To obtain a holistic view of the effects of cancer on health, however, the economic aspect of the disease must be presented. Currently, in the UK, breast cancer is costing the NHS (National Health System) over £700 million a year and is predicted to rise, with each late-stage diagnosis costing significantly more than if cancer could be detected earlier. In the US in 2020, medical expenditures for breast cancer reached a staggering amount of $16.5 billion. Adding to that, individuals are struggling to afford treatment and are battling with financial stability and access to care. Funds like the Pink Fund aim at assisting patients financially, providing both medical care and helping manage household bills.
Concludingly, Breast Cancer, the first and most frequently occurring cancer among women compromising 25% of all newly diagnosed cases is a crucial global health concern, with the number of new cases on the rise. The role of research must be to improve available prevention methods and make them available worldwide, in a financially bearable manner. Our role as humans, however, must be to raise awareness about the importance of prevention. Wearing a simple pink ribbon, the international symbol of breast cancer awareness, can drastically change the lives of our loving ones.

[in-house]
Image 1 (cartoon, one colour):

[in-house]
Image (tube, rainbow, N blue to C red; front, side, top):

Agnieszka Kolak, Marzena Kamińska, Katarzyna Sygit, Agnieszka Budny, Dariusz Surdyka, Bożena Kukiełka-Budny, Franciszek Burdan, Primary and secondary prevention of breast cancer, in Annals of Agricultural and Environmental Medicine, Vol 24, No 4, 549–553.
- Britt, K.L., Cuzick, J. & Phillips, KA. Key steps for effective breast cancer prevention. Nat Rev Cancer 20, 417–436 (2020).